It’s a time of considerable change and turbulence for many UK’s exporters. The uncertainty of Brexit continues to weigh on many, as does currency fluctuations and global trade turmoil, which can dent confidence for firms trading goods and services across borders.
That said, UK businesses are resilient, and many exporters continue to perform strongly in the current circumstances. Confidence in turnover is strong but concern over exchange rates remains high in light of sterling volatility.
The BCC has submitted responses to DIT consultations on FTAs with Australia, New Zealand and the USA, and membership of the Comprehensive and Progressive Trans Pacific Partnership (CPTPP). The submissions emphasise the need to balance market potential with strategic considerations, such as the need for the UK to build the institutional capacity for trade negotiations and the interdependence between agreements.
A survey by British Chambers of Commerce, in partnership with DHL Express UK, has today revealed that almost half – 49% – of businesses have uncertainty over Brexit front of mind when deciding whether to trade internationally, highlighting the economic cost of the persistent lack of political clarity.
The research also shows that while there are many concerns for businesses when deciding whether to trade internationally, those that do trade internationally are more likely to be innovative within their business – 65% of those that are internationally active have launched a new product or service in the last 12 months, compared to just 41% of firms who are UK-focused.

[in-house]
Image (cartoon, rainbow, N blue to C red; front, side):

The British Chambers of Commerce (BCC), in partnership with independent business funder, Bibby Financial Services (BFS), has conducted one of the biggest surveys of business opinion since the referendum, amassing the views of over 2,500 firms from across the UK.
We found that nearly two-thirds of firms still aren’t preparing for Brexit – and in the event of a ‘no deal’ outcome many would cut investment and recruitment plans.
A recent BCC survey, in partnership with the Port of Dover, finds that over a third (36%) of traders rely on the just-in-time delivery of material and components, but that many are not preparing for changes to customs procedures after Brexit.
The survey found that delays at UK or EU ports would lead to considerable business disruption, particularly for those operating a just-in-time model.
Nearly a third (29%) of companies believe they will be impacted in terms of administration, costs or operations by delays or congestion at UK or European ports after Brexit but still aren’t yet planning for it.
Across the United Kingdom, Accredited Chambers of Commerce are the front door to international trade at a local level. In many regions, Chambers work with the Department for International Trade to offer advice and support directly to exporters, and also offer commercial services that help businesses trade as well.
The BCC has joined other leading business organisations and trade associations to offer the government support in designing a new immigration system